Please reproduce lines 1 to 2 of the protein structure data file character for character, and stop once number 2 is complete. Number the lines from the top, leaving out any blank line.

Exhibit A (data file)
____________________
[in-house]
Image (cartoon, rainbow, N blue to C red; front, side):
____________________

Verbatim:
[in-house]
Image (cartoon, rainbow, N blue to C red; front, side):